Emotion In Animals

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In order to show emotion surely you must feel and have emotions, must you not? For instance, if you were to show empathy towards another human it would be declared that you can feel emotion as a consequence of having emotions, would it not? So why is this not that the case regarding animals’ emotions? As Flintoff states, animals show empathy, joy, fear, grief; the list is endless ‘they have a very rich ensemble of emotions’; why is this ignored by many? Out of convenience? Or perhaps because we are too close minded much like we were when we thought that ‘Africans or women had no soul’ or when we thought ‘babies [...] did not feel pain.’ ‘Even in humans it’s difficult to measure emotion’ but why have we ruled this out entirely for animals; …show more content…
Manning, writing for the Daily Mail on behalf of ‘a game warden [...] in South Africa’ describes how he witnessed a herd of elephants helping ‘such a disfigured elephant’ to drink water. She follows up this account with ‘[for] an animal to show [...] empathy towards another,’ suggesting she may believe animals do indeed have emotions. Could it be that this particular herd of elephants are neglecting their biological imperative and putting themselves in danger because they feel emotion because they could not allow one of their own to die painfully and slowly? Manning further illuminates this point saying ‘to follow it [...] with altruistic behaviour is nothing short of astonishing.’ The adjective ‘astonishing’ combined with another adjective ‘such’ stresses the significance of the elephants disfiguration indicating she finds it extremely surprising these animals are risking their lives to help another. Although it is notwithstanding that ‘astonishing’ may hint towards Manning’s scepticism. In another account of animals empathising, Esther Woolfson expresses how her corvids ‘seemed to empathise’ explaining that whilst in a state of sorrow, she experienced what ‘[seemed] to [her] as’ her magpie committing ‘an act of unexpected tenderness.’ Although it could be that the Woolfsoon thought this because this is what she wanted to see, a key argument in both texts. My argument is that in order for these animals to emphasise they …show more content…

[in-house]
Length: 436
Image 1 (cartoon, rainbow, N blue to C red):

Whilst there is little evidence, it 's extraordinarily difficult to obtain. Flintoff includes theses put forward by ‘Bekoff [a] professor of biology at the University of Colorado.’ Bekoff discusses how ‘even in humans it is difficult to measure emotion’ including ‘access is limited because we can’t [...] get into the head [...] of another being.’ Bekoff makes valid points, it is exceedingly difficult to define emotion, let alone measure it in humans who can express in ways we fathom. So how do we approach animals and their emotions? A dictionary definition articulates that emotion is an ‘instinctive or intuitive feeling as distinguished from reasoning or knowledge.’ What 's to say this can’t be applied to animals? As there is little evidence, it is down to each individual to compose their own

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